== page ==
John Joe Nevin hopes to revive his ambitions of professional glory, starting with a low-key comeback bout in England later this month.
Olympic silver medallist Nevin will make his return to the ring for the first time in 13 months on Friday fortnight (29 September) on a small-hall show in Tolworth, south-west London, with an opponent yet to be confirmed for his six-round lightweight bout.
While the Mullingar native is undefeated as a professional, carrying an 8-0 record, his paid career has been beset by misfortune and injury since he switched over from the amateur ranks three-and-a-half years ago.
Nevin suffered two broken legs in an attack in April 2014 just one month after making his debut and while he made an impressive recovery to fight again later that year, his progress has been stop-start ever since.
However, the London 2012 silver medallist hopes to finally gain some momentum once he makes his ring return later this month.
"I’m flying," said Nevin, who plans to campaign as a featherweight in the long term, on his planned return. "I’ve only done six-rounders so far, but after this fight I want to move up a level, I want to move quick now. I’m 28 years of age and I know I have the ability to be a world champion."
The two-time amateur world medallist has not fought since a points victory over American journeyman Jesus Lule in Philadelphia in August, 2016.
His ring return had been planned for last March, but the bout was cancelled due to a rib injury.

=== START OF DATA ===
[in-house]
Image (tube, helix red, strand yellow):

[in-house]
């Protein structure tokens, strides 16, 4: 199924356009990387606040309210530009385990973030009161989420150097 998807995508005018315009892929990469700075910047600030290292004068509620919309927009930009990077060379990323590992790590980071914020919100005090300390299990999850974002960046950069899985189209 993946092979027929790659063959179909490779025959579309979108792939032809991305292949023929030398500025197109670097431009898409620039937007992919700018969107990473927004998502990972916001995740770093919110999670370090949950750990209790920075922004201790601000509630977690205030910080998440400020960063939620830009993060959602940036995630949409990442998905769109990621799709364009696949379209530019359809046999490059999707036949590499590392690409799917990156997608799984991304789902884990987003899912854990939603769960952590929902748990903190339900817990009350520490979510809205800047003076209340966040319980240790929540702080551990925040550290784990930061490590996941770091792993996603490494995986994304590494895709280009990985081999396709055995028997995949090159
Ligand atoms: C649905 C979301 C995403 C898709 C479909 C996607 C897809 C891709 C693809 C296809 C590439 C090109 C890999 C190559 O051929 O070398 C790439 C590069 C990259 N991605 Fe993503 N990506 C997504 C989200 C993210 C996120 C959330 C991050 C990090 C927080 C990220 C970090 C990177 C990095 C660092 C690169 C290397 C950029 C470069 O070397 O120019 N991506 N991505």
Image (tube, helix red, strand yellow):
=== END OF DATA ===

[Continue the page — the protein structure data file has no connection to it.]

"Once I get this fight under my belt, I’ll look at getting a few more soon," said Nevin "The problem is, you can’t avoid injuries. When you jump in the swimming pool, you get wet. But hopefully the injuries are at an end now.
"I was meant to be fighting in March and I picked up rib injury. I was sparring Jason Sosa, who was a world champion, and we had two or three goo days of sparring, but just on the last day – I shouldn’t have even been sparring that day – but I was caught on the last day and fractured a rib."
Nevin’s win over Lule marked his only bout since November 2015 and the former European amateur champion is keen to finally get his world professional title ambitions back on track.
"If I get a bit of momentum going, it could turn into anything. I can turn anyone over on my day, so once I get a bit of momentum going and get working on 12 rounds I can be in with the best of them," added the decorated Westmeath man, who was the first Irish male amateur to claim a hat-trick of major medals at Olympic, world and European championships.
The 28-year-old has been training under his old amateur coach Brian McKeown and plans on linking up with veteran London trainer Jim McDonnell in the English capital to finalise preparations for his comeback fight.